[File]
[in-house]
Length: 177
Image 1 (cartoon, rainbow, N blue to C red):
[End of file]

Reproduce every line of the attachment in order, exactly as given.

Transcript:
[in-house]
Length: 177
Image 1 (cartoon, rainbow, N blue to C red):